The Peeples affidavit implies that Mendez did not submit the Withdrawal Application. This implication is refuted by admissions in the Chapin affidavit, which shows that the DOE and the school principal knew that Mendez withdrew her resignation and that her withdrawal was the subject of discussions between them. Moreover, Mendez made reference to the Withdrawal Application in her letters, which is proof that it is not of recent vintage.

Further, the Peeples affidavit states that his office would have rejected the Withdrawal Application had it been received because his office requires that a withdrawal be accompanied by a written request to fill a vacancy. The Withdrawal Application clearly implies that Mendez wanted to keep her job, which was not a "vacancy" because she still occupied that position. The "vacancy" she sought to fill was the opening to be created by her own departure. The suggestion that she needed separately to submit a request to fill that vacancy is nonsensical and, in any event, this alleged shortcoming could and should have been brought to Mendez's attention when she first submitted the Withdrawal Application.

Finally, the DOE does not address the fact that it refused to accept Mendez's resignation. Its determination to terminate her employment solely on the basis that she tendered a resignation (see Petitioner's Ex. F) that the DOE expressly refused to accept or acknowledge is arbitrary and capricious, and provides an independent basis for granting the petition under CPLR 7803(3). If the DOE is going to terminate a teacher's employment based upon a resignation, it should acknowledge that it is doing so.

Accordingly, for these reasons and those expressed in the April Order, it hereby is

ORDERED, DECLARED AND ADJUDGED that the petition is granted to the extent that Respondents are ordered to reinstate Petitioner Mildred Mendez to her teaching position, with back pay and all other economic benefits of employment from August 28, 2008; and it further is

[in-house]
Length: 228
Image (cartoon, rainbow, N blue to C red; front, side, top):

ORDERED that the issue of the amount due to petitioner from respondent, and the amount of interest at the statutory rate, is referred to a Special Referee to hear and report with recommendations, except that, in the event of and upon the filing of a stipulation of the parties, as permitted by CPLR 4317, the [*6]Special referee, or another person designated by the parties to serve as referee, shall determine the aforesaid issue; and it further is

ORDERED that entry of a final judgment is held in abeyance pending receipt of the report and recommendations of the Special Referee and a motion pursuant to CPLR 4403 or receipt of the determination of the Special Referee or the designated referee; and it further is

ORDERED that a copy of this order with notice of entry shall be served on the Clerk of the Special Referee (Room 119) to arrange a date for the reference to a Special Referee.

Dated: January 19, 2011



J.S.C. Footnotes

Footnote 1: Relevant facts are stated in greater detail in the April Order. Some of those facts are repeated here.

Footnote 2: Education Law § 3020-a codifies the procedure for disciplinary action against tenured public school teachers.